Let us now examine what the advisor for home had to say about the proposed NSC, which he did to a local TV channel and which was reported in a Bangla Daily the next day (The Bhorer Kagaj, July 4, 2007). He said that the NSC would be a bridge between the government and the military (although he says 'senabahini' which literally means the army). One fails to comprehend the logic of the argument. In suggesting such a role the impressions he has conveyed is that there is a gap between the government and the military and also that the military is a separate entity altogether. He also suggests that the NSC should be set up under the aegis and the initiative of the armed forces, which is also rather puzzling. In no country in the world is an organisation like this the preserve of the military. If we are quick to point out at our neighbours to justify the establishment of a security council we will do well to also look at how the NSC has been set up in these countries. None of theirs is dominated by the armed forces.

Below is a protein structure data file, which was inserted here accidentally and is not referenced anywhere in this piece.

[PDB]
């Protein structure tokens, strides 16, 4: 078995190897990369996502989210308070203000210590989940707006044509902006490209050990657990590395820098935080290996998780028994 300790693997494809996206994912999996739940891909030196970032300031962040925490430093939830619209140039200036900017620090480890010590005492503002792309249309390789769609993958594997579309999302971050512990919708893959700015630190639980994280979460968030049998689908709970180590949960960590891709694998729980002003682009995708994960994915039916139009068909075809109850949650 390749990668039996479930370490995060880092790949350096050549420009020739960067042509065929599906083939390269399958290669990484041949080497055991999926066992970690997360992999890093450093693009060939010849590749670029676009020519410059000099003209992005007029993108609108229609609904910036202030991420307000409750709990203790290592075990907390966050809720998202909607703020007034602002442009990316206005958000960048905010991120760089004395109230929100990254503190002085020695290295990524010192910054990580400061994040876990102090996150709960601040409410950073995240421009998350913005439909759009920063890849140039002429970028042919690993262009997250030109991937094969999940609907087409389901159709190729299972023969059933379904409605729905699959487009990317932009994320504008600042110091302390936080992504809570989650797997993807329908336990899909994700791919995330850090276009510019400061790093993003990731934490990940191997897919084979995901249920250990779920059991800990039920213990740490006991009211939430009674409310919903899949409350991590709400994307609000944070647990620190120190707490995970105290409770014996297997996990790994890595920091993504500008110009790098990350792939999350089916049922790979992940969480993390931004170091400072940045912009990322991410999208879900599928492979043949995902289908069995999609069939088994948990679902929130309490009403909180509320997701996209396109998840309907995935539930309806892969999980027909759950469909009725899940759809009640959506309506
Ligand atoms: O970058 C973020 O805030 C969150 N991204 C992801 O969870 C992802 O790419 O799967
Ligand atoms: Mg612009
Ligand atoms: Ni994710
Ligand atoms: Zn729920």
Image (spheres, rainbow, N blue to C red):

Needless to say, our system must be germane to our own psyche and requirements. Its responsibilities and the terms of reference must be geared to our needs. But let us not forget the fact that this organisation is primarily to formulate national policies on foreign and security issues or appropriate response on state matters based on the inputs from various agencies, and to coordinate implementation of the policies and crisis management.

While no doubt it is the armed forces and the intelligence machinery that will have an important role to play in any NSC set up, they cannot have a predominant role for the reason that the core group will be composed of the political leadership headed by the chief executive, who will task the composite elements accordingly.

The need to streamline our long-term planning process on national issues and integrating all the agencies for the purpose of higher security management cannot be overemphasised. And this should be done with due deliberations. It cannot be just another set up in the decision-making hierarchy. It should be 'the' decision making body on matters of national policy encompassing all aspects of our national interest. Experiences of our neighbours may be studied, if only to be aware of their shortcomings if any that we ought to avoid.

The author is Editor, Defense & Strategic Issues, The Daily Star.


Copyright (R) thedailystar.net 2007